Background: Evidence-based strategies exist to train healthcare professionals to ask their patients and clients about alcohol use, and are successful. Implementation of these strategies utilizing a system-level approach has not been conducted nationwide. This case study reports on the success of academic partnerships with national health professional organizations to increase adoption of evidence-based strategies to prevent alcohol-exposed pregnancies. Methods: Authors reviewed and summarized multi-level strategies created as part of the developmental phase of this project in order to report successes and challenges. We applied the three principles of reflection, sense-making, and reciprocal learning, as identified in the practice change literature, to synthesize our experience. Results: There were five primary lessons learned as a result of this work: Development of technology-based training websites requires significant time to design, implement, and test; project ‘mission-drift’ is inevitable, but not necessarily unwelcome; time and effort is required to create and sustain functioning workgroups when there are different organizational cultures; and changing real-world practice is hard to do, yet changing the conversation on screening and brief intervention is possible. Conclusions: Use of multi-level strategies within an academic–professional organization model was successful in promoting awareness and education of healthcare professionals in the prevention of alcohol-exposed pregnancies.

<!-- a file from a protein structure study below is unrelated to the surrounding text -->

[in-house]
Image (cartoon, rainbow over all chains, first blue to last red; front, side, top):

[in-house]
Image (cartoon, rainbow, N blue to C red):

|Original language||English (US)|
|Journal||International Journal of Environmental Research and Public Health|
|Publication status||Published - May 2 2019|
All Science Journal Classification (ASJC) codes
- Public Health, Environmental and Occupational Health
- Health, Toxicology and Mutagenesis